The woofer cross-over filter section is very simple and consists of a large coil (L4) and a cap (C5) which shapes the cross-over slopes to a LR2 roll-off with a targeted 570Hz cross-over point. The woofers are connected in parallel and the design is tuned to a full “Baffle Step Compensation” (BSC).

Note! The woofers are connected in reverse polarity.

The mid-range cross-over filter section is also very simple and the high-pass section consists of a cap (C3) and a coil (L4) which shapes the cross-over slopes to a LR2 roll-off with a targeted 570Hz cross-over point.

The low-pass section consists of a coil (L3) and a cap (C4) which shapes the cross-over slopes to a LR4 roll-off with a targeted 2.8kHz cross-over point.

(L3) can be adjusted to fine tune the mid-range level and response. See the cross-over simulation section for more details.

(R2+R3) are two 5.6 Ohm resistors connected I parallel for a total resistance of 2.8 Ohm and is used to adjust the mid-range level to match the woofers response.

The tweeter cross-over filter section consists of a (C1+L1+C2) which shapes the cross-over slopes to a LR4 roll-off with a targeted 2.8kHz cross-over point.

(R1) can be adjusted or omitted in order to fine tune the tweeter level and to some degree the mid-range response. See the cross-over simulation section for more details.

Note! Both the mid-range and the tweeter are connected with the same polarity.

Cross-over simulation:

 

Top: Tweeter-axis, 15deg off-axis response.

Bottom: Tweeter-axis, 15deg off-axis response, mid-range reverse polarity.

The reverse polarity simulation shows deep reverse nulls indicating an excellent phase tracking between the driver units at the cross-over points.

Mid-range tuning options:

Above: Mid-range level.

Even though I recommend the mid-range level as described in the cross-over section the (L3) coil can be changed to fine tune the frequency response in the mid-range. By using a smaller value for the (L3) the frequency response can be changed about +/- 2dB between 1.5-3kHz.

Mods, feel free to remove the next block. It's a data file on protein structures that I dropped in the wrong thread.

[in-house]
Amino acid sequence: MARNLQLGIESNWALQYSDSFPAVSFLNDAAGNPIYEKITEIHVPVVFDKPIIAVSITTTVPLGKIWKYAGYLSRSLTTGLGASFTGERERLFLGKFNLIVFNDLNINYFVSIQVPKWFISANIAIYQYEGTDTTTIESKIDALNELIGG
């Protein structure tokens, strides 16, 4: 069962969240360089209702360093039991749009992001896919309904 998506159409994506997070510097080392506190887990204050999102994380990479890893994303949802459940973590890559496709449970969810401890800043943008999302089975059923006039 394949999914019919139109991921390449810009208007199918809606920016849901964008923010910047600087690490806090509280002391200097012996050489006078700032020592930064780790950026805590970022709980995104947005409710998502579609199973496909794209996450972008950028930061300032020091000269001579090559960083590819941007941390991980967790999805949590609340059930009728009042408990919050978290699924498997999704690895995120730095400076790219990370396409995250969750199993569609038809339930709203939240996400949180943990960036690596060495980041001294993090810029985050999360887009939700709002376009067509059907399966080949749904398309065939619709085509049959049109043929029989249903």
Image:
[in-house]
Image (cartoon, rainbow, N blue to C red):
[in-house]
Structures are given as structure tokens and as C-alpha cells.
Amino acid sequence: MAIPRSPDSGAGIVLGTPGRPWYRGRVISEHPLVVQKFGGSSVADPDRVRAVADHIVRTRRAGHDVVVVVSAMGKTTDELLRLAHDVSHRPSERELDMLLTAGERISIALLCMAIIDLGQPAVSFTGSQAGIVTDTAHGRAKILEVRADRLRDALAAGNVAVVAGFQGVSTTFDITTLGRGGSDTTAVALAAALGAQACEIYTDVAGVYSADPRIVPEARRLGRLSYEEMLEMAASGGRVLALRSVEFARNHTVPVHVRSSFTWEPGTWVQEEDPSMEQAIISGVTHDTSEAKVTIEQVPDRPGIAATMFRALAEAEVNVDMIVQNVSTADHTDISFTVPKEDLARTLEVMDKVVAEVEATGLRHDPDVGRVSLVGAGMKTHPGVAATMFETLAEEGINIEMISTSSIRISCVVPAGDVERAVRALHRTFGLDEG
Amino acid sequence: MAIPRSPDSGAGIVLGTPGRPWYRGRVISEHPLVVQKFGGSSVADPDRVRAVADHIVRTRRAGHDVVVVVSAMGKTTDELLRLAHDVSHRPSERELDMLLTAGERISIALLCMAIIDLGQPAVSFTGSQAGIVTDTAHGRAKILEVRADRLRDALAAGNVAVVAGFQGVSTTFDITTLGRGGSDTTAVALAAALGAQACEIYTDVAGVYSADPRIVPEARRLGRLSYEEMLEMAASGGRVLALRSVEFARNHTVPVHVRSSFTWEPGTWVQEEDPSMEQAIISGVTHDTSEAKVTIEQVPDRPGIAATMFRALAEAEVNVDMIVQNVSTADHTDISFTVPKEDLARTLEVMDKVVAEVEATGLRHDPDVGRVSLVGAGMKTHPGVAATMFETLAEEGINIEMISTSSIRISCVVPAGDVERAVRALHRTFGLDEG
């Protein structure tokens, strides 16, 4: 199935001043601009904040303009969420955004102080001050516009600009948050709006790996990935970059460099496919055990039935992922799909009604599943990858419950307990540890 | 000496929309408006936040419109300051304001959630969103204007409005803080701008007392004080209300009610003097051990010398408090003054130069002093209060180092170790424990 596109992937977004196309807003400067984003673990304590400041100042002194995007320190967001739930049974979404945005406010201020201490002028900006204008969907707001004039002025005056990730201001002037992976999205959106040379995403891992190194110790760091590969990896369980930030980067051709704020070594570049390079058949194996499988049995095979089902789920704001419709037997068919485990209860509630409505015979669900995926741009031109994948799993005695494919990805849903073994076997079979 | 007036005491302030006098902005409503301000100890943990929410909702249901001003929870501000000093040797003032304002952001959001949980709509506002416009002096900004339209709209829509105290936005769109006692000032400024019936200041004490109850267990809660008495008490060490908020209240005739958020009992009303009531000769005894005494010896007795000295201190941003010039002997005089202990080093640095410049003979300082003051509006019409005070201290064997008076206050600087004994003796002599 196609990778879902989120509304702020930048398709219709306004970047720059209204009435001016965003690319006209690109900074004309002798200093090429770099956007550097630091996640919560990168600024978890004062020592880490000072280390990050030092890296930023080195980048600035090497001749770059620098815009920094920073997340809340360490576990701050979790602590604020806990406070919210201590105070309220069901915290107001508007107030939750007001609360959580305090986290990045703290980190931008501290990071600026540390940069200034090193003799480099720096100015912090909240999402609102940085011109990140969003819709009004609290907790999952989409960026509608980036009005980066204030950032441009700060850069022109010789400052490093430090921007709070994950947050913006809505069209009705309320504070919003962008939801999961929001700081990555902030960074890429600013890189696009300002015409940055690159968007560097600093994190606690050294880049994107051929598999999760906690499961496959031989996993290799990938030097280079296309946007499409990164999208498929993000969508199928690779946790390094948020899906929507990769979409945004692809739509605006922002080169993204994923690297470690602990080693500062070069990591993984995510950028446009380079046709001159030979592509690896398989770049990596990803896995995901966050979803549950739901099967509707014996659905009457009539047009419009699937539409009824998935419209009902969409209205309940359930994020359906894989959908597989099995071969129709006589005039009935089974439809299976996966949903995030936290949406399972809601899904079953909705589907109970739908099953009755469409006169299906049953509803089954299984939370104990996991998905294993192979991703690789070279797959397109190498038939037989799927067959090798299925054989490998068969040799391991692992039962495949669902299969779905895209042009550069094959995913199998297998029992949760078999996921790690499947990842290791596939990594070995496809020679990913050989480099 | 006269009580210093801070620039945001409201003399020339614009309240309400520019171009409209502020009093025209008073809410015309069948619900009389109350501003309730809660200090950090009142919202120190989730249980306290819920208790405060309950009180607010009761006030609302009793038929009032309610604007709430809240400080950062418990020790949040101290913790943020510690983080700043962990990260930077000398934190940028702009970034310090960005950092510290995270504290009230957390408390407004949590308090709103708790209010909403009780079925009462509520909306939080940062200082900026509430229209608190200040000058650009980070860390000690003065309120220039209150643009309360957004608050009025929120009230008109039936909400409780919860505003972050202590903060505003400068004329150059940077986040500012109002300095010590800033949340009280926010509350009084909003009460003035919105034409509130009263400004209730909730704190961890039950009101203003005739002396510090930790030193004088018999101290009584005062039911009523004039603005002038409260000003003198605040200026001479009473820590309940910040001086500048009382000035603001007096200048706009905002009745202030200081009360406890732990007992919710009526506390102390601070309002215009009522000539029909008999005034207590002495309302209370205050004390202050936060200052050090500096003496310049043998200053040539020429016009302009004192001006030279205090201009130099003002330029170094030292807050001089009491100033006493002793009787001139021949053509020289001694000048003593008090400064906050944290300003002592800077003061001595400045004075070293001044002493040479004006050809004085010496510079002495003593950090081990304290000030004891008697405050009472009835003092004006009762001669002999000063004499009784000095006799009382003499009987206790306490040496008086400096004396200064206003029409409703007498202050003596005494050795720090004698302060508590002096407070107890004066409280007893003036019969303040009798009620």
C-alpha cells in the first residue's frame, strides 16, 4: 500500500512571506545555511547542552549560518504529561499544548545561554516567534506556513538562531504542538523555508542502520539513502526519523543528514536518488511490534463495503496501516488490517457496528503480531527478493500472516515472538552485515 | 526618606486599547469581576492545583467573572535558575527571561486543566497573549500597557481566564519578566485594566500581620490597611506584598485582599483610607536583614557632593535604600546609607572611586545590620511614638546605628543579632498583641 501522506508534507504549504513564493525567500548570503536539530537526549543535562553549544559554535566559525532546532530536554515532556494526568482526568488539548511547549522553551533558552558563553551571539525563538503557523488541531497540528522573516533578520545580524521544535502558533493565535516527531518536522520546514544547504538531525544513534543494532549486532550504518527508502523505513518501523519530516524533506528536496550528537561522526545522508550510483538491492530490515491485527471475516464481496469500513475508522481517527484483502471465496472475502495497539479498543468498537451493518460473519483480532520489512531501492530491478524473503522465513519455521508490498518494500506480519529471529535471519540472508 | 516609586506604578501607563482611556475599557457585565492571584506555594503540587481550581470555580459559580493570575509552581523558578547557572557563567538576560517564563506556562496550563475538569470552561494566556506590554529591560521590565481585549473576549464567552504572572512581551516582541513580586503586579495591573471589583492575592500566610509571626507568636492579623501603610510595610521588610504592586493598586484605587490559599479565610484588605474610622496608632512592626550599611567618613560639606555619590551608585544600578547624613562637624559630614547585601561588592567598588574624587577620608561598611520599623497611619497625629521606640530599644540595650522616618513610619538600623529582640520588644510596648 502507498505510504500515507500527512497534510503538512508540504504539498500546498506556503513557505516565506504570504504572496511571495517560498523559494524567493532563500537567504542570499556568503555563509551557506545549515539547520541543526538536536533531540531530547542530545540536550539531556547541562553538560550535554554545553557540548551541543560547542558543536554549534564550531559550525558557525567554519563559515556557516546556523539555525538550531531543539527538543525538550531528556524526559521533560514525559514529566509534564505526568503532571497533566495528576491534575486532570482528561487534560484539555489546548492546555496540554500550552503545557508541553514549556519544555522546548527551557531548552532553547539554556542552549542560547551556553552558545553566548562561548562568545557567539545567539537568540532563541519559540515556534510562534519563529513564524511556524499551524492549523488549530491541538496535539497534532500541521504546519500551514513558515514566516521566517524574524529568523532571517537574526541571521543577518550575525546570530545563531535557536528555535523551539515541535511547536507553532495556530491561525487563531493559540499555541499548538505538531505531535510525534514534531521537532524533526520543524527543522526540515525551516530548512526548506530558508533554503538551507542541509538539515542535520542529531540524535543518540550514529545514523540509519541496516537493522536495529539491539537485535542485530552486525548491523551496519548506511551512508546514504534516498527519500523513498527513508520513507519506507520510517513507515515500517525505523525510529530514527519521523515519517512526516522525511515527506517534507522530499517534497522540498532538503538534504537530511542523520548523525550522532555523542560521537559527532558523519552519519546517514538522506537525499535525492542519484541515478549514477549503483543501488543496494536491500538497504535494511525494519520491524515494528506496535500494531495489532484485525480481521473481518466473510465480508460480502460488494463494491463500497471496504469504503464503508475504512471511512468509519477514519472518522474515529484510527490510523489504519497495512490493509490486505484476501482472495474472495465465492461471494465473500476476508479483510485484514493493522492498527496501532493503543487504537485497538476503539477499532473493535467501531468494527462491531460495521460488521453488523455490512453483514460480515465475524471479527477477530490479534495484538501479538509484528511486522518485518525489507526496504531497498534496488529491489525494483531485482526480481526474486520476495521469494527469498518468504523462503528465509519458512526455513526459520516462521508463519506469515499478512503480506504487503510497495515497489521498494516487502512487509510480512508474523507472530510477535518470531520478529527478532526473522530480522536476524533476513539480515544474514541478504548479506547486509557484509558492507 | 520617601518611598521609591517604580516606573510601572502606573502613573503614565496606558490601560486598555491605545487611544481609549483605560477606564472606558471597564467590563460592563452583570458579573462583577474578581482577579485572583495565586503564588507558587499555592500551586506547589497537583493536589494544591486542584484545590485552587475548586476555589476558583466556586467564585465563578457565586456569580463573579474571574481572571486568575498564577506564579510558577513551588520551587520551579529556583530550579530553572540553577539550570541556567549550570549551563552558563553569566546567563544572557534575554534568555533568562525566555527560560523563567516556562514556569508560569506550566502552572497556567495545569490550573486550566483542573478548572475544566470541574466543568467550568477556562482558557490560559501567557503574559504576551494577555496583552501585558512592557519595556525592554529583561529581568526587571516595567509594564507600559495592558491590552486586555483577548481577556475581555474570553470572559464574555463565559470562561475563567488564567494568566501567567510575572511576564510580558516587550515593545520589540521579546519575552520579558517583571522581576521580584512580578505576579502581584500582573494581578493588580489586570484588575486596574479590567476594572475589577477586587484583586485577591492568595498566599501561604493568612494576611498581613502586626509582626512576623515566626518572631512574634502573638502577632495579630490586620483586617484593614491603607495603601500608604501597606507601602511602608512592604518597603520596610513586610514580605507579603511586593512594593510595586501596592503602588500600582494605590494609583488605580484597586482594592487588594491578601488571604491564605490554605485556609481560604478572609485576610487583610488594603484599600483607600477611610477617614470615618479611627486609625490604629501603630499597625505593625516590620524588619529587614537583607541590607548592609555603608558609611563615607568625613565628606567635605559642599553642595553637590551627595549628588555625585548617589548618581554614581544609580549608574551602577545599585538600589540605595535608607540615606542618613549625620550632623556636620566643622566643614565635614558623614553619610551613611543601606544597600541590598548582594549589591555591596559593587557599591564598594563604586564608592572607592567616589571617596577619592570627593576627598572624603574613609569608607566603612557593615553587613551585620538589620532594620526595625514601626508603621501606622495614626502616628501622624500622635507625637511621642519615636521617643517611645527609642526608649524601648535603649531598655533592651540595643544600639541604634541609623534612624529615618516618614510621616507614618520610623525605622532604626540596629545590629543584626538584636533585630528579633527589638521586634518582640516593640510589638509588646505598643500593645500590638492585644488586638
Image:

I personally think the “Reference” value of 0.82mH for the (L3) gives the best balance between sound stage depth and up-front presence. The option of 0.56mH can sound impressive at first with a huge presence and soundstage, but can be a bit too forward sounding and tiresome in the long run for my taste.

Tweeter tuning options:

Above: Tweeter level.

The recommended value for (R1) is 0.82 Ohm, but it can be changed to fine tune the tweeter frequency response and it can in fact even be omitted completely if desired. Personally I think the “Reference” value yields the best tweeter response without being too bright, but at the same time give a very nice resolution and “air” to the soundstage.

Due to the position of the (R1) in the tweeter circuit, changing the (R1) value also affect the mid-range response slightly. By omitting the (R1) completely it actually smooth out the “BBC” frequency dip between 2-4kHz to some extent.

Tuning option summary:

Above: Reference level v.s. L3=0.56mH and R1 omitted.

By changing the (L3) and (R1) values you can fine tune the sound to fit your HiFi equipment and your personal preferences. I spent many listening hours trying to find the best balance between resolution details, soundstage and depth and the result is the “Reference” values.

I strongly recommend using the “Reference” values as a baseline and then try to change (R1) and possibly the (L3) and listen to how it changes the sound and see if it fits your own personal taste.

Impedance measurements:

 

Blue=Left loudspeaker

Green=Right loudspeaker

Very small phase shifts and a 3 Ohm impedance minimum @ 120Hz.

Frequency measurements:

 

If nothing else is noted in the comments, the following frequency measurements of the finished loudspeaker are made at a 2m distance at tweeter height for the “Reference” tuning option.

All frequency response charts are presented in a 50db scale with 1/24 octave smoothing and the measurements are valid down to 375Hz.

Frequency response 15deg off-axis:

Blue: Left Loudspeaker

Red: Right Loudspeaker